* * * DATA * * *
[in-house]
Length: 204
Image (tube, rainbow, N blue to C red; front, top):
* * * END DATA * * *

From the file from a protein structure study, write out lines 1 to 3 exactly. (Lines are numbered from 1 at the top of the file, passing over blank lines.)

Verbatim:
[in-house]
Length: 204
Image (tube, rainbow, N blue to C red; front, top):